As an expert in the legal field, I have encountered numerous cases of lawyer misconduct and have been asked countless times about the proper way to report such behavior. In New York, the authority over the conduct of attorneys is vested in the Appellate Division of the State Supreme Court and the disciplinary and grievance committees appointed by that court. These committees are comprised of both attorneys and non-attorneys, and work with a full-time professional staff funded by the state. If you believe that an attorney may have violated the Rules of Professional Conduct, there are two ways to report it. You can either write a letter to the appropriate Lawyer Complaints Committee or complete and submit a form available on their websites.
Complaints must be made in writing, and if the complaint describes conduct that would be considered inappropriate, if proven, the attorney against whom the complaint is filed must respond to the complaint in writing. The committees are responsible for investigating all complaints they receive. In some cases, they may refer the complaint to a county bar association for resolution. If the committee determines, after their investigation, that the lawyer's conduct was improper, they may send him a letter of warning, reprimand or reprimand. These letters are not made public but are kept as part of the lawyer's file.
The complainant is informed if any action is taken. In cases of serious misconduct, the committee may refer the matter to the courts for action. If the court decides to take disciplinary action against that lawyer after a hearing before a disciplinary panel or an arbitrator, the decision is usually made public. Complaints of misconduct against attorneys must be filed with the attorney complaints committee in the county where the lawyer is practicing. The addresses and telephone numbers of those offices can be found on their respective websites. It is important to note that the decision to report another lawyer's misconduct should not be taken lightly and must be based on a reasonable basis. As an attorney for the New York State Claims Committee for the Tenth Judicial District, I once received an anonymous letter from an attorney reporting the disturbing conduct of another attorney.
Each of the three lawyer complaint committees of the Second Judicial Department is comprised of 21 members, at least three of whom are not lawyers. The fund is a resource for law clients who cannot obtain a refund from the attorney who caused the loss, from insurance, or from other sources. It is important to note that attorneys who contemplate threatening to file a complaint of misconduct based on suspicion or belief should be careful not to use the disciplinary process for nefarious purposes or out of spite without a reasonable basis. Doing so could, in and of itself, violate the Rules of Professional Conduct. Attorneys are admitted to practice by the Appellate Division of the New York State Supreme Court and are subject to the oversight of that court throughout their careers. This means that lawyers must ensure that all elements of Rule 8.3 are met and that they are acting in good faith before deciding if a report is necessary. Even if you have personal and first-hand knowledge of the misconduct, there are certain situations where you are not required to report it.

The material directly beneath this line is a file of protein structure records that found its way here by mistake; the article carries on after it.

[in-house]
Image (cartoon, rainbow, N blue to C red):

For example, if the complaint requires you to disclose a client's confidential information under Rule 1.6, whether the offending attorney or other client does not want to consent to the disclosure, or if the information was obtained through your participation in an accredited legal aid program. Depending on the nature of the misconduct and the stage of the litigation, the Court may order the complaining attorney to immediately notify the appropriate Complaints Committee instead of interrupting or diverting pending action. The lawyer has a professional obligation to comply with that request, and the failure to submit a response may, in and of itself, constitute professional misconduct. If you are unsure of how to proceed or need guidance, you can contact your county Bar Association's Bar Referral Service. If there isn't a Lawyer Referral Service in your county, you can call the New York State Bar Bar Referral and Information Service at 1-800-342-3661 from anywhere in New York State. In conclusion, the decision to report another lawyer's misconduct is not one to be taken lightly. It is important to follow the proper procedures and ensure that all elements of Rule 8.3 are met before making a report.
Remember, the rule requires lawyers to report serious acts of misconduct, not minor acts or violations of the rules that do not imply the integrity or skill of the lawyer. If you have lost money or property due to the dishonest conduct of an attorney while practicing law, you can file a complaint with the appropriate complaints committee as well as with the New York State Client Protection Lawyers Fund. In most cases, clients can resolve these complaints on their own by talking to the lawyer and explaining the problem or, if necessary, firing the lawyer and hiring another. In non-litigious matters, it is important to report the misconduct to the appropriate disciplinary authorities, which in New York is usually to the Complaints Committee or to the Appeals Division of the jurisdiction in which the alleged misconduct occurred or in which the offending lawyer practices or is admitted.